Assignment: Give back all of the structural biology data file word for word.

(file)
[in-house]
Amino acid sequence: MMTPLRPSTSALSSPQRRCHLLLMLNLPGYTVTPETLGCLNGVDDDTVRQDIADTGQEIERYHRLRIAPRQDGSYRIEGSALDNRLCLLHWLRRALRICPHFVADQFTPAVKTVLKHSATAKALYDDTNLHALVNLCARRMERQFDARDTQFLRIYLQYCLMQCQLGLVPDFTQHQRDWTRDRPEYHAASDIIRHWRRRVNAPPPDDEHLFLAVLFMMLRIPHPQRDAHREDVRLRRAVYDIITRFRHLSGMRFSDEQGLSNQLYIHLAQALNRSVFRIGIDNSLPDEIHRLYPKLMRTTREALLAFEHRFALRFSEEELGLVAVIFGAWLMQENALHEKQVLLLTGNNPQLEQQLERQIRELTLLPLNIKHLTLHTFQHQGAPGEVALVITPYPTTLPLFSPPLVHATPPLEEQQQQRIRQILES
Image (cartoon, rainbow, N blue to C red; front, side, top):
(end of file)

[in-house]
Amino acid sequence: MMTPLRPSTSALSSPQRRCHLLLMLNLPGYTVTPETLGCLNGVDDDTVRQDIADTGQEIERYHRLRIAPRQDGSYRIEGSALDNRLCLLHWLRRALRICPHFVADQFTPAVKTVLKHSATAKALYDDTNLHALVNLCARRMERQFDARDTQFLRIYLQYCLMQCQLGLVPDFTQHQRDWTRDRPEYHAASDIIRHWRRRVNAPPPDDEHLFLAVLFMMLRIPHPQRDAHREDVRLRRAVYDIITRFRHLSGMRFSDEQGLSNQLYIHLAQALNRSVFRIGIDNSLPDEIHRLYPKLMRTTREALLAFEHRFALRFSEEELGLVAVIFGAWLMQENALHEKQVLLLTGNNPQLEQQLERQIRELTLLPLNIKHLTLHTFQHQGAPGEVALVITPYPTTLPLFSPPLVHATPPLEEQQQQRIRQILES
Image (cartoon, rainbow, N blue to C red; front, side, top):